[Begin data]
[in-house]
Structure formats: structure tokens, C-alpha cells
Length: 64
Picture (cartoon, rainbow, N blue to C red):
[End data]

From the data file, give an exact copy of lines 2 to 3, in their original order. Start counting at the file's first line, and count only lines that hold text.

Structure formats: structure tokens, C-alpha cells
Length: 64